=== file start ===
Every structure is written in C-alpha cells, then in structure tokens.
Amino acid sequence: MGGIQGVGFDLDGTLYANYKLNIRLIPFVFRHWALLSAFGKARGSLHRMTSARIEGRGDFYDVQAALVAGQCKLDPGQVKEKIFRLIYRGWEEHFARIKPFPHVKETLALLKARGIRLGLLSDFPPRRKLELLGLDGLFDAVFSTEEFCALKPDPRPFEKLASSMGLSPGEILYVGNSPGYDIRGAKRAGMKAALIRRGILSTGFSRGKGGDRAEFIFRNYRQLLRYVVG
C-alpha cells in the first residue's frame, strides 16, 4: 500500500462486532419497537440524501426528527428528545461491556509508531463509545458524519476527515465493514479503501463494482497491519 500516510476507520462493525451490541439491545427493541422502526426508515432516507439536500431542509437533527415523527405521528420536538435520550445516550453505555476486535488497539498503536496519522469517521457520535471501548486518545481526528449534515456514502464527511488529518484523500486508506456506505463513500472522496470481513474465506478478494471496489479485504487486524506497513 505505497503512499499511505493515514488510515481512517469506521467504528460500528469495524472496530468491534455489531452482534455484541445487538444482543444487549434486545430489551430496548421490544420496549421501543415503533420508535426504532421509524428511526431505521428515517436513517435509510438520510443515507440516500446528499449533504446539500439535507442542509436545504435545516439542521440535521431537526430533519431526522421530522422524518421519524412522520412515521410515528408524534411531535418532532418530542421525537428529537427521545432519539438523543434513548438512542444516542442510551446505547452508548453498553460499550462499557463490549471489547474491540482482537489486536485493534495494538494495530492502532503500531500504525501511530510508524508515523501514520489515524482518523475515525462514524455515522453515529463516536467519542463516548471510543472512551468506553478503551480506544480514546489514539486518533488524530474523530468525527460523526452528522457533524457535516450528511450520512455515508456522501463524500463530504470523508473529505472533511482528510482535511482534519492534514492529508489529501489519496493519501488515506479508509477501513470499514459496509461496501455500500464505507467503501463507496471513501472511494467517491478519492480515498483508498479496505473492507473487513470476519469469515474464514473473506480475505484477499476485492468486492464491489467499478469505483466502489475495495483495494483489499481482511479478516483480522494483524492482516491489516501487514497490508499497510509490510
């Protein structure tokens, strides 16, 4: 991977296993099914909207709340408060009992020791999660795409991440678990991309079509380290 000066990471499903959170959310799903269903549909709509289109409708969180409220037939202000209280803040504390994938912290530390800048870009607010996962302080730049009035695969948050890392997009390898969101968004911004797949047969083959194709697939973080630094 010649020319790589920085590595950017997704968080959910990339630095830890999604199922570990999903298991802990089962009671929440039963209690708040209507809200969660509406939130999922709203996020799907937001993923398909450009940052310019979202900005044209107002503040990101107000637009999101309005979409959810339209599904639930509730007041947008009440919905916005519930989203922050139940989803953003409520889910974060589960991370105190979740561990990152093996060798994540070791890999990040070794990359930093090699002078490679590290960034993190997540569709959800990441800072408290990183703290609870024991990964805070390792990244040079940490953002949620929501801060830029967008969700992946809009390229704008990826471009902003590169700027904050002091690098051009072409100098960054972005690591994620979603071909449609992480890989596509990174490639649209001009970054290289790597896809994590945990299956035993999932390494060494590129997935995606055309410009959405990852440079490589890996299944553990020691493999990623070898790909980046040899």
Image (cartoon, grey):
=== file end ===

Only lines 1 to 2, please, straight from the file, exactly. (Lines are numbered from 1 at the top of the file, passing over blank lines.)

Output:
Every structure is written in C-alpha cells, then in structure tokens.
Amino acid sequence: MGGIQGVGFDLDGTLYANYKLNIRLIPFVFRHWALLSAFGKARGSLHRMTSARIEGRGDFYDVQAALVAGQCKLDPGQVKEKIFRLIYRGWEEHFARIKPFPHVKETLALLKARGIRLGLLSDFPPRRKLELLGLDGLFDAVFSTEEFCALKPDPRPFEKLASSMGLSPGEILYVGNSPGYDIRGAKRAGMKAALIRRGILSTGFSRGKGGDRAEFIFRNYRQLLRYVVG